At least he said as much. Who knows what he’d really do. It’s not that she distrusted him, or his intentions, but she knew how intractable relationships could be. She felt bad for Evie, who had only followed her heart. Or at least that was the impression she got. Marguerite felt like she owed her somehow, even if she could never find the words to explain. Only Alex understood, but how can you find gratitude among the detritus of broken love?
Marguerite closed her eyes and could see Alex looking back at her from across the table. The pictures she’d seen of him before were those ads straight out of a soap opera that his legal firm had used him for. They made him look like Ben Affleck, she thought. In person, however, she found him lithe and laid back, with a disarming smile. She decided his was a face she could fall in love with. She already loved his soul.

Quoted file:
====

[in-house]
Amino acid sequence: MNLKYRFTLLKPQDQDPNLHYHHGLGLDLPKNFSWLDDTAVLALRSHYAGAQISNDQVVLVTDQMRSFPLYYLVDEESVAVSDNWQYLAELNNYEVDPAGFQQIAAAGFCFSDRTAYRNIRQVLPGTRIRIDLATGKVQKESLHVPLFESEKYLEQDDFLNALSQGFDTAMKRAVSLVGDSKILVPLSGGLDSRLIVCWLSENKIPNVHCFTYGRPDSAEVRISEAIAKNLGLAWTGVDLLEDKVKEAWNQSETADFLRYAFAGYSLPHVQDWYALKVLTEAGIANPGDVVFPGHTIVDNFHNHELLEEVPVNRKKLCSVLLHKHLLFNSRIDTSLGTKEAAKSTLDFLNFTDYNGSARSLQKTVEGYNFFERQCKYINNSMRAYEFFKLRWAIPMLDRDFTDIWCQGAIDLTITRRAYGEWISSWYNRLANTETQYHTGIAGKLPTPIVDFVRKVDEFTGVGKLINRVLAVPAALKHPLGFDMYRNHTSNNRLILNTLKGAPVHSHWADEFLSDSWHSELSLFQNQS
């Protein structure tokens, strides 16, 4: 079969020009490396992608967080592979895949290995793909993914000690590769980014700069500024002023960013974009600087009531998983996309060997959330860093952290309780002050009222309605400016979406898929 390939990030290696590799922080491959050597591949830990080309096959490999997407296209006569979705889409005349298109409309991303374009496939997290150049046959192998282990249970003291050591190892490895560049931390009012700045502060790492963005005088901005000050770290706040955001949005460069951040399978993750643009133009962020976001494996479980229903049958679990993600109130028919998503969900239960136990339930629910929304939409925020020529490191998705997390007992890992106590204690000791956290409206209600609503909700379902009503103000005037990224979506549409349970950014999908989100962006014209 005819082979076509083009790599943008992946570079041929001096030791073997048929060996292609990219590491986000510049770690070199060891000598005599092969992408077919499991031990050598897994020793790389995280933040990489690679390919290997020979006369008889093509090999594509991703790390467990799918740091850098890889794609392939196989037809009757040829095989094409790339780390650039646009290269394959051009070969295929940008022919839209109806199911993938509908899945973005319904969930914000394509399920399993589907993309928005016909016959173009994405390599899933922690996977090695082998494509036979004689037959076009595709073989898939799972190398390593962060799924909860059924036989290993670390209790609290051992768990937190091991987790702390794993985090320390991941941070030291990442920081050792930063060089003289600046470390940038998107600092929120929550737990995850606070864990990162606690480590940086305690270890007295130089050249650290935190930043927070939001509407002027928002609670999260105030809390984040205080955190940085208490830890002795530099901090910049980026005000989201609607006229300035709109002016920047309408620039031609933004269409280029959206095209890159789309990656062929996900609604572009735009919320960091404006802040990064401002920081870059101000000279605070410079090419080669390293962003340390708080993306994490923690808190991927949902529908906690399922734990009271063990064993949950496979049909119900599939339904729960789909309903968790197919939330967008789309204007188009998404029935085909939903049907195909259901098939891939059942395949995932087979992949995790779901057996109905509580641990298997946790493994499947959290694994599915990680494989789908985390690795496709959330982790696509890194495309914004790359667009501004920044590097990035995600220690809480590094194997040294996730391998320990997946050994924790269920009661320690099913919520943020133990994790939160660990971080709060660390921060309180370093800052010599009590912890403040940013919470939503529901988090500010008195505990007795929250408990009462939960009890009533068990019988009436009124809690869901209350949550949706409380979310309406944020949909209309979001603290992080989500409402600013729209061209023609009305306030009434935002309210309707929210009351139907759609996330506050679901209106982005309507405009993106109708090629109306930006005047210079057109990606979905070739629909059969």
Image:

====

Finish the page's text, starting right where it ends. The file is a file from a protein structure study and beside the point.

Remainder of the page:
Still, she mulled the obstacles keeping them apart. Was it worth the heartache and pain to see this through?
The phone on her belly vibrated. An unknown number. Probably spam, she concluded. Then, a few minutes later it rang again.
“Hello?” She answered tentatively.
“Stay away from him.”
“You heard me.”
“Listen. We’re just old friends, okay? Nothing — ”
“Watch your back, bitch.”
The line went dead.
“Hello? Hello?” Marguerite called. Silence filled the room. She stared at the blank screen, her heart pumping like mad.
The door buzzer knocked her off the couch. She swallowed heavily and made her way to the door, first checking to see that the security bolt was in place. To the left of the door was a screen that showed video of the entrance many floors below. Burton stood there gazing skyward, hands clasped behind his back.